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  • Nate Adams

'Bob Marley: One Love' review: Biopic never conveys the legacy



Courtesy of Paramount Pictures

 

Musical biopics are usually hit or miss when it comes to the subject it’s dissecting. Often, it’s the latter as the film, usually made with the strict input of the estate, has a certain image it wants to project for mass audiences. It then becomes a question of what the eventual goal of the movie is supposed to be: Does it care about the icon it’s exploring? Or was it manufactured for the purpose of lifting record and streaming sales? Unfortunately, “Bob Marley: One Love” doesn’t find itself in the company of “good” biopics, rather, it’s a movie that fails to understand the impact Bob Marley had on not only the music industry, but the world at large.

 

Awkwardly spliced together and possessing all the depth of a Wikipedia page, “Bob Marley: One Love” might have all the musical rights at its disposal, but those looking for context won’t find much. Which is shocking considering co-writer and director Reinaldo Marcus Green delivered a major crowd-pleaser with the Will Smith vehicle “King Richard,” a movie that understood its purpose completely. But when you’re dealing with a figure like Marley, and most of his children share an associate producer’s credit, creative freedom likely goes out the window. It’s probably a main reason Marley’s infidelities are only mentioned in passing or his attempted assassination has no gravity.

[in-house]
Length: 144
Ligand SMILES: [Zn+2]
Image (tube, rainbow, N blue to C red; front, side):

Kingsley Ben-Adir (no stranger to playing Black legends following his turn as Malcom X in “One Night in Miami”) plays Marley and though the screenplay by Terence Winter, Frank E. Flowers, and Zach Baylin rarely gives him a moment to shine, save for a somber campfire rendition of “Redemption Song,” he does the best with the hand he’s dealt. “One Love,” follows the reggae singer’s rise in the mid-70s and the recording of the hit record, “Exodus,” alongside the Wailers. Rather than display the heart and passion that unspooled on what’s widely considered the greatest album of the 20th century, “One Love,” treats it like one long jam session without any creative discussions aside from a brief tidbit about what the album cover should be. 

 

Instead, the movie montages its way through the tour, offering faint glimmers of the genius Marley was and how he amassed legions of fans and provided relief for his home country of Jamaica which, at the time, was on the brink of a civil war. It’s content with keeping the singer at an arm’s length, never stopping to showcase his humanity and the relationships shared with his wife, Rita (Lashana Lynch – criminally misused) and his children who we barley see in the two-hour production. 


Intermittent flashbacks to Marley’s childhood and the mythos of his absent White father are lost in the shuffle nor leave a resounding impact. And the climatic 1978 One Love Peace Concert in Kingston, the first time Marley had performed in his home country in nearly two years, isn’t even dramatized. The movie cuts to black with title cards and short clips of the event. This bizarre narrative choice (at least “Bohemian Rhapsody” gave us the Live Aid concert) encapsulates the entire short-sighted pathos of why these biopics fail: they simply don’t care. 

 

Grade: C- 

 

BOB MARLEY: ONE LOVE is now playing in theaters. 


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